Tiny Letter and NaNo Goals

I signed up for Tiny Letter, so if you’re interested in updates on my creative projects, click here https://tinyletter.com/suzannaanderson.

I made the goal to work on the drawing, painting, and inking of my NaNo 2017 script for two hours a day, for fourteen hours a week. New paper is on its way.


NaNo 2016

Ending this NaNo with 11,792 words. I didn’t make much progress this month due to illness and lack of time with school, but I do intend to continue working on this novel next year and to have a nicer draft by the end of 2017. I will also work on drawings and layouts of the graphic novel and work on the final pages.

The Outsider: A Journey into My Father’s Struggle with Madness

The Outsider: A Journey into My Father’s Struggle with Madness by Nathaniel Lachenmeyer.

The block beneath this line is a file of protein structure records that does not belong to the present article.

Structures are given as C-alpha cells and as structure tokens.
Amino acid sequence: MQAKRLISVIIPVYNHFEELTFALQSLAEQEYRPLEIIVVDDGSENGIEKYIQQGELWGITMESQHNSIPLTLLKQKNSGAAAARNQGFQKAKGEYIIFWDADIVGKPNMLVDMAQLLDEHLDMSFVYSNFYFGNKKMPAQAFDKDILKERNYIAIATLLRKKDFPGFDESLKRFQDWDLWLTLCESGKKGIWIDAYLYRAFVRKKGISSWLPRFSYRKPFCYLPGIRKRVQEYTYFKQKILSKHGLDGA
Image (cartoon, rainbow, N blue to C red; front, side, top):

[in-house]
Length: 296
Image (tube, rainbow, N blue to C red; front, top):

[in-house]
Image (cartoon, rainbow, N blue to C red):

1. In his self-appointed dual role of employee and researcher, Charles tried to earn the trust of the patients. While other attendants worked hard to maintain as much distance as possible between themselves and patients, Charles actually socialized with out-patients who lived in nearby subsidized housing. Several entries near the end of the journal refer to his staying up all night drinking and talking with the patients in their apartments. He no doubt saw this as a unique opportunity to build rapport with the patients and to observe them outside a controlled hospital setting; it was, in other words, part of his attempt “to develop a new point of view of mental illness.” The fact that he got drunk with them, however, suggested that something else was also at work: Charles identified with the patients. Hanging out with the patients, a beer in hand, Charles had discovered another Dexter, Maine, in the middle of the picturesque South. H had recovered the feeling of being an outsider among outsiders. 64-65